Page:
The proposed fee was up for a first reading by the 12-member board Thursday at its meeting in Oxford but was pulled from the agenda Wednesday. Under board rules, tuition and fee increases normally must be considered again at a second meeting before passing.
"The Finance Committee wanted to review it," said College Board spokeswoman Caron Blanton. "They'll review it and it will be on the agenda at a future time."
Part-time students would be assessed lower fees under the proposal, officials said.
The state's two largest universities said they need the money to pay for building projects. Ole Miss estimated its fee on students on the Oxford campus would generate $1.83 million annually, while MSU estimated it would collect $1.7 million.
Ole Miss said it would use its money to pay for the $50 million renovation and expansion of its 1977 student union. When the plan was approved, Ole Miss said $28.9 million of the total cost would come from future student-fee increases. Ole Miss said it would use the fee money in the future to pay for other student facilities.
MSU said it would use the money to pay for a $37.5 million building with 90,000 square feet of classrooms and a 60,000 square-foot parking garage. Like Ole Miss, MSU said $25.5 million in future student fees would pay for part of the building slated for the center of campus. After that, MSU says it wants to use the fees to renovate the YMCA Building, which includes the campus post office, and for utility upgrades.
Ole Miss spokesman Danny Blanton said officials who could comment weren't available Wednesday evening. MSU spokesman Sid Salter said that school's administration didn't believe it was appropriate to comment because the proposal had been removed from the board's agenda. He said MSU officials would discuss it when it comes back up.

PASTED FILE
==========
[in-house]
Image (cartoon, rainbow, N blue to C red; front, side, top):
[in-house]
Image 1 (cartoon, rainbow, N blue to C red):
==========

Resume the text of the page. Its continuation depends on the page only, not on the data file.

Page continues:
Typically, the College Board considers tuition and fee increases in the spring.
For the current school year, MSU raised in-state tuition by 6 percent, or $348, to $6,153. In the spring, MSU projected another 6 percent increase for the 2013-2014 school year, which would bring in-state tuition to $6,522. This year, Ole Miss raised in-state tuition by 6.8 percent, or $393, to $6,185. In the spring, Ole Miss projected a 5.7 percent increase for the 2013-2014 school year, which would raise in-state tuition to $6,540.
Though college costs remain lower in Mississippi than in many other states, they have been rising rapidly. Figures from the Southern Regional Education Board show that in 2009-2010, before some of the steepest tuition increases, college costs already consumed a larger share of family income in Mississippi than nationwide.
The fee proposal comes after the Legislature failed this year to approve new borrowing for construction projects, which Higher Education Commissioner Hank Bounds has said increased pressure on the state's eight universities.
In August, Mississippi State requested 10 projects worth $58.2 million from the 2013 Legislature. While a $9.7 million renovation of the YMCA building was on the list, the new classroom building was not. Similarly, Ole Miss' 10 projects, worth $95.5 million, didn't include the student union project.
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